- Jemele Hill, ESPN.com, ESPN The Magazine
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I like Bruce Pearl. I like his enthusiasm. I like the fact he doesn't seem to take himself too seriously, the way a lot of big-time coaches do. I like his coaching record at Tennessee, which is 126-46 in five seasons.
But if Pearl coaches college basketball this coming season, the NCAA and the University of Tennessee are officially the biggest jokes in all of sports.
The NCAA hasn't decided what it will do with Pearl, who tearfully admitted at a news conference that he lied to NCAA investigators about hosting high school juniors at his home. That's a no-no; only seniors are allowed to visit coaches' homes. It's a rule even an unseasoned coach knows not to break; but when investigators showed Pearl a photo of recruits in his house, he caught amnesia.
Seriously, who lies about their own house?
"I learned that it's not OK to tell the truth most of the time, but that you have to tell the truth all the time," Pearl said during the news conference. "I have no tolerable answer for why I didn't tell the truth the first time, and I take full responsibility for my actions."
In a pre-emptive strike, Tennessee took aim at Pearl's wallet, reducing his salary by $1.5 million over the next five years. And beginning Friday, Pearl is not allowed to recruit off campus for a year.
Sorry, that's just not harsh enough.
Not when Pearl earns a salary of $1.9 million annually. It isn't like he'll be eating Spam for dinner because of the salary hit. And not when records obtained by ESPN.com show the men's basketball team had already self-reported a number of other NCAA violations, mostly dealing with 100 impermissible calls to different recruits. Pearl himself made five of those calls to one recruit.
The university responded by reducing the number of official visits and shortening the staff's recruiting calendar.
The larger issue here is credibility, both for Pearl and the NCAA. If you're Tennessee, you need to be worried that repeatedly lying to the NCAA came so easily for Pearl. You need to be questioning your head basketball coach's integrity, and wondering how he can mentor young men about their life choices after proving to be such a bad example.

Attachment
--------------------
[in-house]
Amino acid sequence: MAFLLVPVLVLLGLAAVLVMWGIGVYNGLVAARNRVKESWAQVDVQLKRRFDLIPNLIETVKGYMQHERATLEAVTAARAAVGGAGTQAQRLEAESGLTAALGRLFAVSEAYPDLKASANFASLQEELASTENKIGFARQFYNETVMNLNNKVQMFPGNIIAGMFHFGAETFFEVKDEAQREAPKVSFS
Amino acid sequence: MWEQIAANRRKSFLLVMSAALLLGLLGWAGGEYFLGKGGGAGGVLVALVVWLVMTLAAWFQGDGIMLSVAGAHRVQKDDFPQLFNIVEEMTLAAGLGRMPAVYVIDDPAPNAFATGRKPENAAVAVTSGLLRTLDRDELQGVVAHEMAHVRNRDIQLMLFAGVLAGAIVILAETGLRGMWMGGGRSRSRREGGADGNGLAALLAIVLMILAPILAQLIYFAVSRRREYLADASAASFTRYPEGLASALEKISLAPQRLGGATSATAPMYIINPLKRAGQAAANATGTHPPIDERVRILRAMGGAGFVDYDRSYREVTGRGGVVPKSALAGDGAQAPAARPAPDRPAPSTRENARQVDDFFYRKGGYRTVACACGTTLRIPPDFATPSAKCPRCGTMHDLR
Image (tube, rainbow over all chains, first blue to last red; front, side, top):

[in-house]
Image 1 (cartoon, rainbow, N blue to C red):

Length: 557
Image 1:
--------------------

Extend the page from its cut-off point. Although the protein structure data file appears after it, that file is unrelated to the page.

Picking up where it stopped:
Tennessee apparently may not be able to fire Pearl. Language in his contract protects him from being terminated unless there is an NCAA "finding" that he violated a "significant" rule. That's even though he already admitted that he lied to the NCAA.
According to ESPN basketball analyst Andy Katz, the NCAA likely won't issue its findings on Pearl until sometime next year.
That isn't acceptable.
The NCAA should suspend Pearl from coaching for all of this season. Fair is fair. The NCAA sent the message that it doesn't tolerate deception from athletes by suspending Oklahoma State wide receiver Dez Bryant for much of the 2009 football season for lying to investigators. When asked by the NCAA, Bryant denied that he'd visited Deion Sanders' house, that he'd worked out with Sanders and that he'd had any interaction with agents. The NCAA ruled that he lied in his denials about the first two issues, and it didn't take several months to make that ruling and suspend the player.
Why should an exception be made for a coach?
The NCAA lowered the boom on Bryant and it cost him millions in the NFL draft -- probably a lot more than it's costing Pearl right now. And let's not forget that working out and having lunch with Sanders wasn't even an NCAA violation. The NCAA punished Bryant because he lied, not because he was a rule-breaker.
Pearl, though, not only lied to NCAA, but clearly broke an NCAA rule.
Based on those two facts alone, you could argue that Pearl deserves a longer suspension than Bryant.
Bryant lied because he was afraid he might have inadvertently violated an NCAA rule. Pearl knew what he did was wrong and lied to cover his hide.
It's time for the NCAA to stop holding athletes more accountable than it does these handsomely paid coaches.
That is the only way lawlessness in college athletics will be curbed. Recruiting limits, scholarship and even salary reductions don't pose enough of a threat to coaches who break the rules.
Coaches should be subject to suspensions just like the players. And in severe cases, they shouldn't be allowed to coach college players at all.
There is something wrong with a system that holds college kids to a higher standard than grown men.
Jemele Hill can be reached at email@example.com.